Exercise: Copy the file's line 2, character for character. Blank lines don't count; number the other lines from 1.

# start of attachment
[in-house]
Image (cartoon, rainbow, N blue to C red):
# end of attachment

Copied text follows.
Image (cartoon, rainbow, N blue to C red):